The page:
Scientists in Europe have put together a "standardised knowledge base for robots," through which robots can exchange information with other robots using cloud computing. Called Rapyuta, the World Wide Web for the electronic persuasion will allow robots "to become more cognitive, and interact with humans in more subtle ‘human' ways."
The breakthrough system will allow robots to become lighter and simpler, lessening the amount of computing power on the robot itself. Robots will be able to query Rayuta for solutions to newly encountered problems:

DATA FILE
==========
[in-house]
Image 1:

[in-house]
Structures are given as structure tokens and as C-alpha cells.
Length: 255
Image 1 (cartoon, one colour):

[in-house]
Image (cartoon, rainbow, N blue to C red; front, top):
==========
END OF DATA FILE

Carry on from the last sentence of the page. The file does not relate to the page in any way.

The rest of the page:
The theory is that the advancement and learning of one individual robot will benefit all the rest. Faced with a newly laundered towel for the first time, a robot could query the Rapyuta database and instantly know it wasn't a T-shirt and needed folding differently - after first learning how to do the ironing, naturally.
Mohanarajah Gajamohan, technical head of the Roboearth project at the Swiss Federal Institute of Technology in Zurich, lauded the varied uses of the new technology, which will improve automation from self-driving cars, to mobile robot helpers, and our most useful robots of all, drones.